• Turkey (Butterball – about 15lbs) – My mom handles this, but she basically removes the giblets and cooks them down in a small pot on the stove for gravy. Then she sticks pads of butter and fresh spices under the skin all over the turkey, rubs it with oil and we put it in my turkey roaster for a few hours.
  • Ham (Kentucky Legend, I believe. Don’t remember how big.)
  • Rolls (Sister Schubert’s brand. The best!)
  • Cranberry Jelly (from the can, which I hate and we also forgot to put out. No one missed it.)
  • Green bean casserole (my grandma always make this and brings it to my house. She doesn’t do anything fancy though so it’s basically just like this recipe, minus the soy sauce.)
  • Baked mac & cheese (The cousins I’d never met before brought this and it was REALLY good but I don’t have a recipe, sadly.)
  • Stuffing (My mom’s recipe which I’m pretty sure she just makes up in her head every year. All I know is she uses a mix of regular bread pieces and cornbread, finely chopped onions, carrots and celery, chicken stock, butter, breakfast sausage, and a mix of herbs & spices. It’s always delicious.)
  • Mashed potatoes (We always make mashed potatoes from scratch for the holidays, using your basic butter and milk recipe. HOWEVER, once I saw The Pioneer Woman’s mashed potatoes and that her secret ingredient is a package of cream cheese, I just had to try it. And hot damn was it delicious. I even forgot the seasoned salt and they were still amazing. Highly recommend.)
  • Sweet potato casserole (I can’t seem to find the exact recipe again but I essentially did this one without the topping and just sprinkled pecans and marshmallows on top during the last 10-15 minutes of baking.)
  • Kale and pancetta (My mom insisted on having some “greens” so this was our first attempt at making kale. We basically used this recipe, adding pancetta and leaving out the vinegar. While I didn’t have any of it, she said it was good.)

Desserts:

We had delicious pumpkin pie and pecan pie. From…Sam’s Club. I should be slightly embarrassed to admit this but you guys, their pies are SO GOOD and so big – not like the pies you buy from the grocery store. And they’re better than anything either of us could make homemade, which is saying something since we both love to bake.

My great aunt also brought over some peanut butter fudge and a cheesecake pie that was pretty tasty.

So that was our menu! I only wish I wouldn’t have been so crazed with everything so that I could’ve taken pictures. My place settings weren’t particularly fancy, though I did use my good/hand-wash only dishes, but I was just happy we could basically fit everyone at one big table, using real plates and silverware. When you’re catering to 12 people, this is much harder than it sounds!!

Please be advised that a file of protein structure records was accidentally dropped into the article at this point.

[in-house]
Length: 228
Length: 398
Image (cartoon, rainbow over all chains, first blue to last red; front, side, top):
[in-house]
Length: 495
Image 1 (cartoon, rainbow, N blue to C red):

However I should probably also point out that I’ve already declared I’m not hosting again next year. I’ll gladly volunteer to bring the pies. :)

 

 

 

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The Thanksgiving Post

Now that my month-long daily posting of what I’m thankful for is over, allow me to complain a little.

Thanksgiving was not much fun.

Rather than give you a play-by-play of the entire day/weekend, I’ll just recap a few of the sucky parts in bullets.

1. Hosting any event is a lot of work, whether it be a play-date, a birthday party, or just dinner for a couple of friends. Hosting Thanksgiving for 12 people is not only a lot of work, but it’s also EXPENSIVE. The turkey and ham alone cost a small fortune, but it’s all the little ingredients you’ll only use for this one day that you have to buy because somewhere, someone said that there must be 12 side items, 10 different desserts, and all of them must be made from SCRATCH. Or else. This is also why I have ONE photo from Thanksgiving. Just one.

2. Figuring out seating for groups larger than 8 is nearly impossible in your typical American home. I think there should be a new rule that whomever has the biggest house and the biggest amount of disposable income should host Thanksgiving in each family. Most of us cannot compete with these Pinterest-worthy table settings. Between the salad plates and the dessert forks and the table runners and elaborate centerpieces and the wine and water glasses…where does one put the food? It all worked out in the end, setting the food on the countertops in the kitchen and having everyone go at it buffet-style, but the amount of time we spent rearranging our living room to be a large dining area so everyone could sit together and making sure we had enough (matching) dinner and silverware for everyone was a bit stressful.

3. Trying to time everything so that each dish is warm and done on time is also stressful. Especially when you only have one oven and far too many side dishes.

4. My mom is a great cook – and was a HUGE help in the kitchen. But what she lacks is the ability to clean up after herself as she cooks, so as I was cooking my own assigned items, I was also picking up butter wrappers, putting utensils in the dishwasher, wiping up flour and cornstarch, and just trying to keep the counters clear so we could have a place to set the food once it was done. This is exhausting.

5. Walking around barefoot on tile floors all day – while roughly 6 months pregnant – was not my smartest decision. Sciatic pain had me limping around that evening and most of the next day.